There are many misconceptions on raising children in a bilingual environment. Although experts have previously explained otherwise, some parents still worry that it may cause speech delays, confusion, and mixing up of the two languages.

Here is another inspiration for parents to expose their children to more than one language early. According to a recent study, as early as infancy, it gives an advantage to the early development of their attention. And in the long run, it could give benefits to their cognitive development.

In a study published in Developmental Science, researchers at York University investigated how a bilingual environment affects six-month-old infants using two different experiments.

As they lay in a crib, infants were shown images in a screen above them. Meanwhile, there was a camera which records how their eyes move in different areas in the screen. Half of the infants on the experiment were raised in a monolingual environment, while the other half were raised in a bilingual environment.

During the first experiment, the infants were first shown images which are indicative of whether the next target image will be shown on the left or the right. For example, if the screen shows a pink and white image in the center, it will be followed by an attractive target image on the left. Meanwhile, if a blue and yellow image appeared, it will be followed by a target image on the right. These rules could be followed by all infants.

In the second experiment, the researchers changed the rules halfway. Tracking the babies’ eye movements, they found that those who were raised in a bilingual environment were quicker at learning the new rules and anticipating where the target image will appear.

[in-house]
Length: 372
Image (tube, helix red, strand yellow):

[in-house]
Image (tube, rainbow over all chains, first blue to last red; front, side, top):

The researchers highlighted that learning the new rules is difficult because the infants need to replace their response on the images with a contrasting one. Scott Adler, associate professor in York’s Department of Psychology and the Centre for Vision Research and co-senior author of the study explained:

“Infants only know which way to look if they can discriminate between the two pictures that appear in the center. They will eventually anticipate the picture appearing on the right, for example, by making an eye movement even before that picture appears on the right. What we found was that the infants who were raised in bilingual environments were able to do this better after the rule is switched than those raised in a monolingual environment.”

Previously there were studies which demonstrated how bilingual children and adults were better than monolinguals on completing cognitive tasks. However, this new study is revolutionary as it shows the cognitive benefits of bilingualism to infants who are not bilingual yet, and are just hearing the bilingual environment.

“By studying infants — a population that does not yet speak any language — we discovered that the real difference between monolingual and bilingual individuals later in life is not in the language itself, but rather, in the attention system used to focus on language,” said Ellen Bialystok, Distinguished Research Professor of Psychology at York University and co-senior author of the study. “This study tells us that from the very earliest stage of development, the networks that are the basis for developing attention are forming differently in infants who are being raised in a bilingual environment. Why is that important? It’s because attention is the basis for all cognition.”